In L.A. County during the four weeks ended Feb. 5, the number of signed purchase contracts was 42% below the same period last year, according to data from real estate brokerage Redfin. Still, that’s an improvement from the 51% drop seen at the start of December.

“The temperature in the room is still cold,” said Taylor Marr, an economist with Redfin. “But it’s not frozen.”

Whether the modest rebound will hold is unclear. Returning buyers may need to rapidly adjust what they can afford.

In the past two weeks , mortgage rates — heavily influenced by inflation — have resumed their climb following economic reports indicating that inflation will be tougher to bring down than expected.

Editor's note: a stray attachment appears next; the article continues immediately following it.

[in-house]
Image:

The average on a 30-year fixed mortgage climbed to 6.32% for the week ended Wednesday, up from 6.09% two weeks earlier, according to Freddie Mac, the government-backed mortgage buyer. A daily tracker from industry publication Mortgage News Daily puts the average even higher: 6.8% as of Friday.

One mortgage broker said he noticed a “huge drop-off” in demand as rates rose last week, while other brokers and real estate agents said they’ve seen buyers plow ahead undeterred.

For would-be buyers putting down 20%, the monthly mortgage payment on a $800,000 house would be about $100 more expensive with an interest rate of 6.32% than with 6.09%. But the payment at 6.32% is $322 less than at 7.08%, which is where rates topped out in the fall, according to Freddie Mac.

Falling home prices help offset some of the pain from high rates.

Overall, L.A. County home prices have fallen 3% to 14% since the peak in pricing last year, according to a review of various platforms that track prices in different ways. Additionally, with less competition, sellers are more likely to pay for repairs or cover a buyer’s closing costs. Some will buy down a buyer’s interest rate.